Conclusion: From the above findings, it can be concluded that the ethanol leaf extract of C. olitorius may possess exploitable nutritional components and potential antioxidant activity against the debilitating effects of free radicals.

Open Access Original Research Article

Dietary Practices of Health Professionals during Working Hours in a Tertiary Referral Teaching Hospital In Ghana: A Neglected Vulnerable Group

Christiana Naa Atsreh Nsiah-Asamoah, Deborah Amoasi, Jacob Setorglo

European Journal of Nutrition & Food Safety, Page 82-97
DOI: 10.9734/ejnfs/2021/v13i530422

Aim: Generally, it is assumed that health professionals are knowledgeable about healthy eating and as such studies aimed at assessing their dietary practices and the factors that influence these practices have been largely neglected. These studies are important because the dietary habits of healthcare professionals (HCPs) can have an impact on their well-being, health status and even their work output. Largely, there is a dearth of information about the dietary practices of HCPs during working hours. This study was aimed at assessing the dietary practices of HCPs during working hours at a referral teaching hospital in Ghana.

Study Design: This was a cross-sectional study in which a questionnaire was administered to 320 HCPs.

Methodology: A questionnaire was administered to the HCPs in the hospital after obtaining informed consent (written) from the HCPs. The questionnaire solicited information about their socio-demographics, dietary practices and nutritional knowledge. Descriptive statistics were summarized as frequencies and proportions.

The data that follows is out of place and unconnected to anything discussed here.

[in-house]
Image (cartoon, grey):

Results: Approximately 13.1%, 47.5% and 39.4% were underweight, normal weight and overweight respectively. Carbonated beverages, baked foods and fried foods were consumed four (4) or more times in a week by more than half of the HCPs because they were regarded as convenience foods which could be eaten while working. About 76.9%, 52.8% and 58.4% skipped their breakfast, lunch and supper meal respectively at least once in the past one (1) week before the study.

Conclusions: The findings reveal concerns about the unhealthy dietary habits and basic nutrition knowledge gaps among the surveyed HCPs. Most HCPs skipped breakfast and ate a lot of unhealthy foods such as carbonated beverages, baked foods and fried foods frequently during working hours. Recommendations made include the need for hospital management to provide canteens that serve healthy meals for HCPs at their job sites. There is also the need for management to organize the work-schedules of HCPs in order to manage their workloads in a manner that enables them have adequate breaktimes to access and eat healthy foods while at work.

Open Access Original Research Article

Morphological and Proximate Analysis of Orange (Citrus scinesis) Peel and Tomato (Solanum lycopersicum)

Zia Parveen, Sunita Mishra

European Journal of Nutrition & Food Safety, Page 98-105
DOI: 10.9734/ejnfs/2021/v13i530423